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THE WOLF MAN (1941) has Lon Chaney returning to father Claude Rains’ ancestral English mansion only to end up turning werewolf after an encounter with accursed gypsy Bela Lugosi. The cast is much stronger than I realized watching as a pre-teen—Ralph Bellamy as the local cop, Evelyn Ankers as a pretty girl, Warren Williamas as the town doctor, Maria Ouspenskaya as Lugosi’s mother and Curt Siodmak writing the script. The film’s plot oddities (Lugosi is a full wolf but Chaney becomes a bipedal wolfman) may be because it underwent a heavy rewrite two weeks before shooting: The original concept had been that we’d never know for sure whether Chaney’s change was real or hallucinatory (which explains all the psychobabble from Williams). Stylistically closer to Ghost of Frankenstein‘s talky drama than the Gothic sweep of Frankenstein and Dracula, but good nonetheless, with Chaney giving one of his two best performances (Of Mice and Men being the other). “The way you walked was thorny through no fault of your own.”
FRANKENSTEIN MEETS THE WOLFMAN (1943) was the sequel to both The Wolfman and Ghost of Frankenstein, as graverobbers unwittingly open Lon Chaney’s crypt under a full moon (Bad Idea!), after which Chaney sets off with Ouspenskaya in hopes Frankenstein’s research will provide a way for him to die forever—instead of which, he winds up in a climactic clash with the Creature (Bela Lugosi). Noteworthy as the point in the series where resurrecting the creature became a non-family enterprise (Chaney’s psychiatrist is the first of several non-Frankensteins reactivating the monster) and as the first in a long history of Monster Battles Monster films (though I don’t doubt we’d have seen most of the later ones anyway). Also of note is that this blurs the past continuity so that everyone refers to Cedric Hardwicke as if he were the Creature’s creator. Entertaining, if nothing more; Ilona Massey plays Frankenstein’s daughter and Lionel Atwill is the local mayor. “I’ve got to see Frankenstein’s creature at it’s full power!”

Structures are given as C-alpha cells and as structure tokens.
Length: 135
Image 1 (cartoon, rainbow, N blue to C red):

A couple of films from a local horror festival … (next year TYG and I hope to see the whole sequence)
THE WHISPERER IN DARKNESS (2012) is from the same HPL fan group that did a silent CALL OF CTHULHU a few years back, this time creating a 1930s-style thriller (pretty well, since TYG assumed it was a genuine oldie until she saw CGI in the credits). Due to the limits of the original story (concerning weird aliens establishing a beachhead in Vermont) this has to be a much less faithful adaptation: That said, not bad, though it could have been a lot better (adapting more of Akeley’s initial letters would have been more effective I think).“The gate isn’t for them to leave—it’s to bring more of them here.”
ABSENTIA (2012) has a woman reassuring herself that those visions of her seven-years-gone husband are a perfectly natural emotional reaction to finally declaring him dead, and that her sister’s Strange Hallucinations of sinister creatures keeping him and other people prisoner in a nearby footpath tunnel are just signs she’s gone back on drugs … right? A nicely done creeper. “Did you see her eyes?”

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